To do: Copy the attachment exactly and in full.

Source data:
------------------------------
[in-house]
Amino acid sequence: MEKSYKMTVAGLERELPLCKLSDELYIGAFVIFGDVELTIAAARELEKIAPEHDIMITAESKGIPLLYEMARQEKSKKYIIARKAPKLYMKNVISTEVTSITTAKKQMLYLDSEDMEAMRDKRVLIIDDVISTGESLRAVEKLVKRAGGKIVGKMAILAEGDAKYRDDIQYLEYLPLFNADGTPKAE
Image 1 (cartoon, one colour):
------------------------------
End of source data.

[in-house]
Amino acid sequence: MEKSYKMTVAGLERELPLCKLSDELYIGAFVIFGDVELTIAAARELEKIAPEHDIMITAESKGIPLLYEMARQEKSKKYIIARKAPKLYMKNVISTEVTSITTAKKQMLYLDSEDMEAMRDKRVLIIDDVISTGESLRAVEKLVKRAGGKIVGKMAILAEGDAKYRDDIQYLEYLPLFNADGTPKAE
Image 1 (cartoon, one colour):